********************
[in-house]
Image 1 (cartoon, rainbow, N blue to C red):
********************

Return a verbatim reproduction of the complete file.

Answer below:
[in-house]
Image 1 (cartoon, rainbow, N blue to C red):